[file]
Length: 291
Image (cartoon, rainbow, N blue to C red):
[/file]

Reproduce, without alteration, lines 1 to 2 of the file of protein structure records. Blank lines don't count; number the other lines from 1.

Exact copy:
Length: 291
Image (cartoon, rainbow, N blue to C red):